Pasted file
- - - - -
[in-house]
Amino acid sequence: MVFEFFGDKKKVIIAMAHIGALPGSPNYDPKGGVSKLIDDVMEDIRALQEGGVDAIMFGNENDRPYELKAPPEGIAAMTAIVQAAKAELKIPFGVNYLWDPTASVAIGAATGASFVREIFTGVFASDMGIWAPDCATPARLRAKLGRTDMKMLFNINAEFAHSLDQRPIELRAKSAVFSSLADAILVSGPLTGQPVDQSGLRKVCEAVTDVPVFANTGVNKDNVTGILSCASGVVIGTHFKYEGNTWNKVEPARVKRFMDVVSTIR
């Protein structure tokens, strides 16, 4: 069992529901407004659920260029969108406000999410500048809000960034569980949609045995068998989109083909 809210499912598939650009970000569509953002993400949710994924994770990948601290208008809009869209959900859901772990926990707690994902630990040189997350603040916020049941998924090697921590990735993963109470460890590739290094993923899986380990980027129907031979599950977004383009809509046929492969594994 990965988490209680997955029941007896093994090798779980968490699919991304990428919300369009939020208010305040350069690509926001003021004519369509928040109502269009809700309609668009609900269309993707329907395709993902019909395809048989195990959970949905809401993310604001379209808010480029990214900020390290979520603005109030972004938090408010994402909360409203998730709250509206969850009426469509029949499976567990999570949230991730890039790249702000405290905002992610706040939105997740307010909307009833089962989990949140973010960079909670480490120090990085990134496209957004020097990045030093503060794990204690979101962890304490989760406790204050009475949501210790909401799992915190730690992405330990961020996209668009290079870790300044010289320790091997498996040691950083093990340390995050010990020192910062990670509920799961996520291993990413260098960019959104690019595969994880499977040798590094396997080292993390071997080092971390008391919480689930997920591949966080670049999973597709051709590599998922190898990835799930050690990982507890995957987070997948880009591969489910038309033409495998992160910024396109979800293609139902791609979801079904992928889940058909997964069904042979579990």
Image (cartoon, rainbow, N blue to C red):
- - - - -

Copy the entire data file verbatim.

[in-house]
Amino acid sequence: MVFEFFGDKKKVIIAMAHIGALPGSPNYDPKGGVSKLIDDVMEDIRALQEGGVDAIMFGNENDRPYELKAPPEGIAAMTAIVQAAKAELKIPFGVNYLWDPTASVAIGAATGASFVREIFTGVFASDMGIWAPDCATPARLRAKLGRTDMKMLFNINAEFAHSLDQRPIELRAKSAVFSSLADAILVSGPLTGQPVDQSGLRKVCEAVTDVPVFANTGVNKDNVTGILSCASGVVIGTHFKYEGNTWNKVEPARVKRFMDVVSTIR
């Protein structure tokens, strides 16, 4: 069992529901407004659920260029969108406000999410500048809000960034569980949609045995068998989109083909 809210499912598939650009970000569509953002993400949710994924994770990948601290208008809009869209959900859901772990926990707690994902630990040189997350603040916020049941998924090697921590990735993963109470460890590739290094993923899986380990980027129907031979599950977004383009809509046929492969594994 990965988490209680997955029941007896093994090798779980968490699919991304990428919300369009939020208010305040350069690509926001003021004519369509928040109502269009809700309609668009609900269309993707329907395709993902019909395809048989195990959970949905809401993310604001379209808010480029990214900020390290979520603005109030972004938090408010994402909360409203998730709250509206969850009426469509029949499976567990999570949230991730890039790249702000405290905002992610706040939105997740307010909307009833089962989990949140973010960079909670480490120090990085990134496209957004020097990045030093503060794990204690979101962890304490989760406790204050009475949501210790909401799992915190730690992405330990961020996209668009290079870790300044010289320790091997498996040691950083093990340390995050010990020192910062990670509920799961996520291993990413260098960019959104690019595969994880499977040798590094396997080292993390071997080092971390008391919480689930997920591949966080670049999973597709051709590599998922190898990835799930050690990982507890995957987070997948880009591969489910038309033409495998992160910024396109979800293609139902791609979801079904992928889940058909997964069904042979579990």
Image (cartoon, rainbow, N blue to C red):